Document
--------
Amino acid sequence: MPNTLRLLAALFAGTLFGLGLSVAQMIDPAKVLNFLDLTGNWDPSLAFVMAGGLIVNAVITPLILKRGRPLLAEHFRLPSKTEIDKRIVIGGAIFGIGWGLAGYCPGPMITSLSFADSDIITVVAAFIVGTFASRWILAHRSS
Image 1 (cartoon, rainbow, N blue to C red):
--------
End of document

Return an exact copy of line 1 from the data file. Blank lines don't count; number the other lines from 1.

Amino acid sequence: MPNTLRLLAALFAGTLFGLGLSVAQMIDPAKVLNFLDLTGNWDPSLAFVMAGGLIVNAVITPLILKRGRPLLAEHFRLPSKTEIDKRIVIGGAIFGIGWGLAGYCPGPMITSLSFADSDIITVVAAFIVGTFASRWILAHRSS